Women’s clothing from Nguyen Dynasty revived in chibi-style paintings | Culture – Sports

Women’s clothing from Nguyen Dynasty revived in chibi-style paintings hinh anh 1 Women’s Clothing from the Nguyen Dynasty, which consists of over 10 illustrations in chibi style, aims to shed more light on Vietnam costumes during the historical period. (Photo courtesy of Kris Nguyen)
Hanoi (VNS/VNA) – An art project featuring typical women’s costumes
during the Nguyen Dynasty (1802-1945) was created during the social distancing
period by Nguyen Quoc Tri, a.k.a Kris Nguyen, an illustrator in Binh Thanh
district in Ho Chi Minh City.

Women’s Clothing from the Nguyen Dynasty, which consists of over 10
illustrations in chibi style, aims to shed more light on Vietnam’s costumes
during the historical period.

“Many people think that the costumes of the Nguyen Dynasty were not diverse.
The most widely known clothing during this period is traditional five-flap
tunic with tight-fitting sleeves, the predecessor of the current ao dai (Vietnamese traditional long
dress),” Kris said.

“In fact, they were truly varied. Different regions in the nation had different
ways of dressing and variations on five-flap shirts.

“Therefore, I hope to offer another outlook and better understanding of the
costumes in this era via this project,” he added.

The 24-year-old illustrator explained that he has chosen chibi style to depict
the clothing in a simplified manner that enables the viewers to easily access
them without getting bored.

Women’s Clothing from the Nguyen Dynasty was completed within a
month. The first five illustrations featuring the special forms were finished
and introduced in the first two weeks and the rest done in the last week.

To ensure the accuracy of the costumes, Kris simplified the small parts of the
patterns and focused on depicting their styles. At the same time, he consulted
many reputable sources of information and specialists with thorough knowledge
of history.

The most difficult thing for Kris is changing the mindset of most viewers.

“Some people still think that the ancient Vietnamese costumes look like those
of Chinese or that they don’t look authentic Vietnamese. It is inevitable as Vietnam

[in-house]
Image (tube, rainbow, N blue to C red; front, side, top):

has been through a period of severe cultural fracture.

“So I needed to create a new series of images, simple and receptive, that could
convince even the most demanding people,” he said.

Among women’s clothing from the Nguyen Dynasty, Kris is most impressed with the
five-flap tunic with tight-fitting sleeves, the simplest outfit and also the
predecessor of modern ao dai.

“The coordination and mix of the accessories and hair style of the women in
this outfit was extremely diverse. Moreover, different regions have different
variations. The variety in pattern design is also one of the things that make
this plain-looking outfit so unique,” he said.

At the moment, Women’s Clothing from the
Nguyen Dynasty could not be commercially exploited so Kris plans to
develop the illustrations into a set of postcards that could be sold online as
soon as the pandemic is under control.

A descendant of Lord Nguyen Phuc Khoat, the 8th lord of the Nguyen Dynasty, Ton
That Minh Khoi, highly appraises the cute drawing style featured in the art
project, as it enables historical topics to become close and accessible to the
mass audience.

He also commented that the project has been consulted with clear and reliable
sources of information, enabling the viewers to envision the clothing of
Vietnamese women from all walks of life in different regions during the Nguyen
Dynasty and therefore to have a vivid visual reference source on studying the

“Kris’s project has reflected the diversity in the clothing of the Nguyen
Dynasty, and at the same time, created a premise for further similar studies. I
much anticipate the project featuring men’s clothing also by Kris,” Khoi told Phap Luat Thanh Pho Ho Chi Minh (HCM
City Law) e-newspaper.

Women’s Clothing from the Nguyen Dynasty is not the first project
of the graduate of Ton Duc Thang University with a passion for culture and
tradition. Earlier, Kris had created many art projects featuring Vietnamese
culture infused with modern colours.

His style has been greatly influenced by Mai Trung Thu and Le Pho, two late
renowned Vietnamese painters who paved the foundation of contemporary
Vietnamese art.

Besides working as a graphic designer and illustrator in HCM City, Kris is also
the co-founder of Hoa Nien, a business on Vietnamese ancient clothing, which
has become his source of inspiration to study and develop his art projects.

“I have had a strong passion for Asian cultures, particularly those of Japan,
China and Vietnam, since I was a student. The further I have studied, the more
I have found out that many issues in Vietnamese culture have rarely been known
to the public.

My art projects therefore aim to provide an outlook on Vietnam as a wealthy,
colourful and vibrant nation,” he said.

Kris also revealed that he would create more projects featuring Vietnamese
royal and folk tales in the future, the highlights of which are the costumes
and the lifestyles of ancient Vietnamese people, to tell the stories of the old
days to the young people./.

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